I was really surprised by Heather's selection for the latest Cook the Books Club. I'd seen the movie The Hunger Games but not read the book, and frankly I had been pretty disappointed by the movie. I found Katniss unsympathetic and the only character I really liked was Lenny Kravitz as Cinna, and that was mostly because he is very attractive. Aside from one of the characters being a baker, there wasn't really anything in the movie that indicated that the book would have any foody interest at all.
How wrong I was. The book is much, much better than the movie and packed full of foody interest (in between children murdering each other in a televised spectacle). I think part of the problem with the film is that the book is written in the first person and a lot of it is stuff that is happening in Katniss's head. So a great long passage of her thinking about why she needs to control her emotions and what she needs to do to survive in the Hunger Games is translated on screen as a flat affect. I think it probably needed some narration or something to convey more of Katniss's rich internal process and much more likeable character.
The food in The Hunger Games is really interesting. Along with the descriptions of the clothes, the contrast in food types and availability are the clearest indications of the chasm between District 12 and The Capitol. In the Capitol there is abundance and variety, in District 12 starvation is never far away for most people. The difference between the tributes from the wealthy Districts and the poorer ones is also highlighted in terms of their nutrition - in The Hunger Games, to be well-fed is to have the strength to survive.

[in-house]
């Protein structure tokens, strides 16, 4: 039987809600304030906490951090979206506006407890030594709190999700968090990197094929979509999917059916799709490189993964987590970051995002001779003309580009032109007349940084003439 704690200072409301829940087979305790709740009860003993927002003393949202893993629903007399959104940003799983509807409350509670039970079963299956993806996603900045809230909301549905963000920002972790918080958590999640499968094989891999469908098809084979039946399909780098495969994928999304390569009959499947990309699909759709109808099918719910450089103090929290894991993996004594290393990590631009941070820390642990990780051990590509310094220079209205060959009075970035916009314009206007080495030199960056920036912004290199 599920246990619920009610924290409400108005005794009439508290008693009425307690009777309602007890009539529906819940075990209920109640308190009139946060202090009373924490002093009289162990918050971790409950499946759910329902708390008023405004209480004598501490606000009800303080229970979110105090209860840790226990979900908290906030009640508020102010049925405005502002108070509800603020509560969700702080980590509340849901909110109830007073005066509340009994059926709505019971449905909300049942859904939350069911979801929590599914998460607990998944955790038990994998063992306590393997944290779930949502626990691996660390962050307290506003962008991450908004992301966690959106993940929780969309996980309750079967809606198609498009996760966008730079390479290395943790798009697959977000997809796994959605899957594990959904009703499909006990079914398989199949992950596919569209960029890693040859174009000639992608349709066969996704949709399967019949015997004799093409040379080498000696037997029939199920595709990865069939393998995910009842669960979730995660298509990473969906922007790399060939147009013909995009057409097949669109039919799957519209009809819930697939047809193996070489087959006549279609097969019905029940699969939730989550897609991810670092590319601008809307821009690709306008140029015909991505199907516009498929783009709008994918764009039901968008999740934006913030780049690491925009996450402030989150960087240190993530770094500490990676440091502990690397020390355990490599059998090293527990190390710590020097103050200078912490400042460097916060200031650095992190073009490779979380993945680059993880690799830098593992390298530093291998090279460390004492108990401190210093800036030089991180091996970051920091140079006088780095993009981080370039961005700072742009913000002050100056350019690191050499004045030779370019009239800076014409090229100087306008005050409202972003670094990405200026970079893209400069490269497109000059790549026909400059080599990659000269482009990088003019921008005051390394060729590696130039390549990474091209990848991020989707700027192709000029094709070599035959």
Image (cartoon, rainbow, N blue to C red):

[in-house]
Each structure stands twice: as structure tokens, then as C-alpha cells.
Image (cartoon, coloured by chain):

While I was very interested in the lamb stew that Katniss considers the best thing about the Capitol, I decided that I really wanted to do something with stale bread, inspired by Peeta. Katniss thinks that Peeta, being a baker, has had a much easier life than her, but she gradually discovers that his family mostly lives on stale bread and the squirrels she sells them. So, stale bread (in its most perfect form, toast) it had to be.
In order to have stale bread, I started with fresh bread. A lot of mass-produced bread goes mouldy before it goes stale, because of the additives in it, so I made a variation on Dan Lepard's milk bread, which I have made before. This time, I added a small proportion of rye flour, and some powdered buttermilk, and used skim milk as the liquid. This was an absolutely gorgeous loaf of bread. Ever so slightly sweet, ever so slightly tangy, soft and with a gentle nuttyness from the rye. Eaten fresh it was delicious, but it really came into its own a couple of days later when thickly sliced and toasted.
|Persimmon - looking slightly battered and bruised but sweetly jellied inside.|
Toast on its own isn't very interesting, so I had to decide what to put on it. That question was answered by a previous Cook the Books selection, Untangling My Chopsticks. In it, Victoria Abbott Riccardi talks about smearing persimmon flesh on her toast as a sort of instant jam. I thought that sounded exotic enough to be a treat from The Capitol, but I wanted to also make it something that Katniss would find familiar and comforting, so I spread my toast with soft goats cheese before scooping the flesh from a ripe persimmon and spreading it on.
I know goats cheese is a controversial ingredient. I know a lot of people don't like it. But for me, the combination of warm, crunchy toast, cool, salty, creamy cheese and sweet, fragrant persimmon was absolutely delicious. I ended up eating the rest of the loaf this way (spread over several days).